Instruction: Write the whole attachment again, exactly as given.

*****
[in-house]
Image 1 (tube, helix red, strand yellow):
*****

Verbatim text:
[in-house]
Image 1 (tube, helix red, strand yellow):